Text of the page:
Craig Ferguson: The Scot who conquered America

Craig Ferguson has been quietly establishing a reputation in the US for 14 years. Then he took centre stage – in front of George Bush and the toughest audience of all

Craig Ferguson has made something of an art of lowering expectations about himself and then sneaking up on his audiences, almost unawares, and worming his way into their heart. He's been unknown for so long – or, rather, out on the very margins of show business celebrity – that his obscurity has, in some ways, turned into his greatest asset.

Who am I talking about? The need to ask the question addresses the point all by itself. Ferguson is a 45-year-old Scottish-born comedian, screenwriter, author, actor, reformed alcoholic and all-round bundle of creative energy who barely took the time to raise his profile in Britain before heading to the other side of the Atlantic 14 years ago.

For the past three years, he's been quietly establishing a reputation in the United States as the host of The Late, Late Show on CBS, the comedy chat show that follows on directly from David Letterman and attracts a fanbase of insomniacs, college students and returning party-goers who turn on the telly to try to sober up before they go to bed.

His fans love him, but don't talk about him much. When it emerged a few days ago that his show had started winning the ratings battle against the direct competition – Conan O'Brien's late-night programme on NBC, it surprised just about everyone except the 1.8 million or so viewers who tune in to him regularly.

Now his obscurity may be fading for good, thanks to his appearance at the weekend as the top-line entertainment at the annual White House Correspondents' Dinner. This is a notoriously hard gig for any comedian. It's not easy to be funny when George Bush is sitting just two seats away, and Dick Cheney locks his beady eyes on you.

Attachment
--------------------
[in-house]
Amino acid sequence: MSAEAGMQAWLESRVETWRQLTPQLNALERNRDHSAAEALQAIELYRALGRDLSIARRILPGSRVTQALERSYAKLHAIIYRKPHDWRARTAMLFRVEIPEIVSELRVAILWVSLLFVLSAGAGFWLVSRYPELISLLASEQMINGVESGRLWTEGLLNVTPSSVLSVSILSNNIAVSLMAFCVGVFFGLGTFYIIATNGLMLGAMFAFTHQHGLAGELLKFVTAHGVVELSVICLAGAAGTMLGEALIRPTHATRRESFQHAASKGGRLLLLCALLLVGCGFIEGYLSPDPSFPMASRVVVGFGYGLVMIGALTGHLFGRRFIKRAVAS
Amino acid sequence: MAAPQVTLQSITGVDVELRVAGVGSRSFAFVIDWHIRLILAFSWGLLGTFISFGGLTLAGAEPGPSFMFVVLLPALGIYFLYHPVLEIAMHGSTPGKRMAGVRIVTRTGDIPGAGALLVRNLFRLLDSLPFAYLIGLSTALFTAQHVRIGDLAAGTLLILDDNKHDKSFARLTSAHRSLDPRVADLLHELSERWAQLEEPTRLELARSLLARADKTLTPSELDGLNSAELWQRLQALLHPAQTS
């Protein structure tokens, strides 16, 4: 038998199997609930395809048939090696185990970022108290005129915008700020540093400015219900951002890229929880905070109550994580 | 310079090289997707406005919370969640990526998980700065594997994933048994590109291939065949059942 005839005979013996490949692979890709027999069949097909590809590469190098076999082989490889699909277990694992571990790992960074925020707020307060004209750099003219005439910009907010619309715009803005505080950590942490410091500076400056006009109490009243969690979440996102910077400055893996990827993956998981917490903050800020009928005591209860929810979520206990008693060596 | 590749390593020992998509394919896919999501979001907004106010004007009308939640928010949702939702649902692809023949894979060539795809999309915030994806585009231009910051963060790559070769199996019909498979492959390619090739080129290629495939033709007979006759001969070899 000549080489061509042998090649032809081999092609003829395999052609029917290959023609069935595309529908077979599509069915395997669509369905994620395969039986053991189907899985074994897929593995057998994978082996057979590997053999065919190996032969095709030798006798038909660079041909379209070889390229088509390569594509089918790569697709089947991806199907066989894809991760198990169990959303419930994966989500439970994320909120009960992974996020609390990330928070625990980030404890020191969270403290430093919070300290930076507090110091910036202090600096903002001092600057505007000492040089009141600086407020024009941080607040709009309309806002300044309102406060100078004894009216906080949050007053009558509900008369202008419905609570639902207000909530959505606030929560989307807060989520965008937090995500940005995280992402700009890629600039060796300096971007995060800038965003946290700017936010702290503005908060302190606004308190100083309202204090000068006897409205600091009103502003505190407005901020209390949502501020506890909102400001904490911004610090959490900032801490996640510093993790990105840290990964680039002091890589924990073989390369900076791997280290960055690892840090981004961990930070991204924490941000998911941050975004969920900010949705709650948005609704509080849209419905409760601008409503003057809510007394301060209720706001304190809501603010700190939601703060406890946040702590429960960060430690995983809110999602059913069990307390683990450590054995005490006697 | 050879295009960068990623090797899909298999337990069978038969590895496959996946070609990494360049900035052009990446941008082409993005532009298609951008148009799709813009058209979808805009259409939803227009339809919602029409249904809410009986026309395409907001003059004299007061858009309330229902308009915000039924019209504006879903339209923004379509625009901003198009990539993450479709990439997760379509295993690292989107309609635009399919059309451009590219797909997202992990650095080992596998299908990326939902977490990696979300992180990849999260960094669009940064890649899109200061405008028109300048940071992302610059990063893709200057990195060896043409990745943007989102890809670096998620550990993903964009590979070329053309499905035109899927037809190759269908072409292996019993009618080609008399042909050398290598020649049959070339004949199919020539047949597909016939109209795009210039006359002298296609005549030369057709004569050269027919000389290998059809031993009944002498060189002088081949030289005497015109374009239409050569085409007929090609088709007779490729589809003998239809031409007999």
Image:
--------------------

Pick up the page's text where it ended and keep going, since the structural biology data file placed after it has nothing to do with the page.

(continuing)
It's not easy to decide whether to be cutting or sycophantic, ultra-political or harmless, aggressive or sweet. Worst of all, it's a lousy crowd – journalists, political operatives, ambassadors and Washington officials – all of whom take themselves ridiculously seriously and have both high expectations and a low threshold of tolerance for any perception that the comedic jabs are directed at them.



Watch Craig Ferguson's full speech



Two years ago, the satirical comedian Stephen Colbert demonstrated perhaps the greatest courage of any White House dinner speaker, subtly and hilariously ripping the heart out of the Bush administration, and the US press corps which has failed so dramatically to hold him to account. Colbert's performance achieved instant classic status thanks to its ready accessibility on YouTube, but it also went down like a ton of bricks in the room itself. The screenwriter and director Nora Ephron remarked at the time that Colbert had shown it was possible for a comedian to kill and bomb at the same time.

Adding to the challenge facing Ferguson was the fact that this was George Bush's swansong as president. Do you really kick a man when he's on his way out the door? And, if not, what do you do?

Ferguson's answer was to take refuge in his single favourite comic shelter – extreme self-deprecation. "I can't tell you how excited I am to be here," he started out. "I realise many of you may not share that excitement given that you have no idea who I am."

He then explained, patiently, that his show went out well after midnight on CBS. He was, he said, "all they could afford after they finished Katie Couric" – the super-expensive newsreader whose efforts to revive the CBS evening news have been an embarrassing flop. He then remarked that the crowd at the dinner was so notoriously tough no American comic wanted the job. "Just another case of immigrants taking jobs that Americans don't want," he deadpanned.

In just the first couple of minutes, he had asserted his unassuming charm and, for the most part, won the room over. After that, he had much freer rein – cracking jokes about Los Angeles and the Democratic presidential nominees, excoriating the pomposity of the New York Times, which decided not to buy a table at the dinner this year on the grounds that the event undermined the credibility of the press, and making fun of Donald Rumsfeld, the former, largely unlamented Secretary of Defence and chief architect of the disastrous Iraq war effort.

Not everyone loved his performance – it was, to reiterate, a tough crowd. Dan Froomkin of the Washington Post took him to task because he wasn't more acerbic about the powerful men and women he was addressing, and interpreted his self-deprecation as a form of advance apology for chickening out. (Two years ago, incidentally, the Washington Post took Stephen Colbert to task for the exact opposite, saying he had essentially violated the unwritten rules of etiquette with his withering take on Bush et al.)